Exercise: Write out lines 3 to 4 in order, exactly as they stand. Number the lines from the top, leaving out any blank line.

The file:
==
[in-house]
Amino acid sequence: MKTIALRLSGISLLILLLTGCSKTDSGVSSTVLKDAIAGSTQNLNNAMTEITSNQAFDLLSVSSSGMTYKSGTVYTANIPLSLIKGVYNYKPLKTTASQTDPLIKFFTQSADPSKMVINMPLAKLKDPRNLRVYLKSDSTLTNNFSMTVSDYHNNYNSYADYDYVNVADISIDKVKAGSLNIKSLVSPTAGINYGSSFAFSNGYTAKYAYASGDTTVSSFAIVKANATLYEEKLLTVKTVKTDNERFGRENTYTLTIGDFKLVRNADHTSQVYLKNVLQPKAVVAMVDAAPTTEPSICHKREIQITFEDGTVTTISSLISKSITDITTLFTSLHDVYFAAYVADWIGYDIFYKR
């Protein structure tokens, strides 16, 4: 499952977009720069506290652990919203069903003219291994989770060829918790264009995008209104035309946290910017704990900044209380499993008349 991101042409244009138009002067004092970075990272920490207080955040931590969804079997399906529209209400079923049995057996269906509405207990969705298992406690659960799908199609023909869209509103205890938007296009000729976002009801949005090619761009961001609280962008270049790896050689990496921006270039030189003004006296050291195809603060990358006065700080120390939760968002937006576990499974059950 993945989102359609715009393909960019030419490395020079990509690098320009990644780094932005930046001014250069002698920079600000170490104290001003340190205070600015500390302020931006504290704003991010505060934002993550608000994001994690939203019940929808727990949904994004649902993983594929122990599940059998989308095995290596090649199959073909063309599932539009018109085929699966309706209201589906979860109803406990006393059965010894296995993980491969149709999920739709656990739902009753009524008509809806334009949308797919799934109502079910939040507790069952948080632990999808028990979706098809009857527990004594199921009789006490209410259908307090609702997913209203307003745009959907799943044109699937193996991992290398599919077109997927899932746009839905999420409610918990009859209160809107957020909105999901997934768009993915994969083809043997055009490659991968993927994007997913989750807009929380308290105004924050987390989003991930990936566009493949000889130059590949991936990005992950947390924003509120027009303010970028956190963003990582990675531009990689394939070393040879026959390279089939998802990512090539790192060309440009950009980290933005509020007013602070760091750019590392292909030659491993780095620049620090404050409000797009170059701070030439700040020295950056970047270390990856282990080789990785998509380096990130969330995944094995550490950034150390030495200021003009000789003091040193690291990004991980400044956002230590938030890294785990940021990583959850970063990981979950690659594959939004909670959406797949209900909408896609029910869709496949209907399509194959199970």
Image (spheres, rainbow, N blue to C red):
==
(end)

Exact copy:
């Protein structure tokens, strides 16, 4: 499952977009720069506290652990919203069903003219291994989770060829918790264009995008209104035309946290910017704990900044209380499993008349 991101042409244009138009002067004092970075990272920490207080955040931590969804079997399906529209209400079923049995057996269906509405207990969705298992406690659960799908199609023909869209509103205890938007296009000729976002009801949005090619761009961001609280962008270049790896050689990496921006270039030189003004006296050291195809603060990358006065700080120390939760968002937006576990499974059950 993945989102359609715009393909960019030419490395020079990509690098320009990644780094932005930046001014250069002698920079600000170490104290001003340190205070600015500390302020931006504290704003991010505060934002993550608000994001994690939203019940929808727990949904994004649902993983594929122990599940059998989308095995290596090649199959073909063309599932539009018109085929699966309706209201589906979860109803406990006393059965010894296995993980491969149709999920739709656990739902009753009524008509809806334009949308797919799934109502079910939040507790069952948080632990999808028990979706098809009857527990004594199921009789006490209410259908307090609702997913209203307003745009959907799943044109699937193996991992290398599919077109997927899932746009839905999420409610918990009859209160809107957020909105999901997934768009993915994969083809043997055009490659991968993927994007997913989750807009929380308290105004924050987390989003991930990936566009493949000889130059590949991936990005992950947390924003509120027009303010970028956190963003990582990675531009990689394939070393040879026959390279089939998802990512090539790192060309440009950009980290933005509020007013602070760091750019590392292909030659491993780095620049620090404050409000797009170059701070030439700040020295950056970047270390990856282990080789990785998509380096990130969330995944094995550490950034150390030495200021003009000789003091040193690291990004991980400044956002230590938030890294785990940021990583959850970063990981979950690659594959939004909670959406797949209900909408896609029910869709496949209907399509194959199970």
Image (spheres, rainbow, N blue to C red):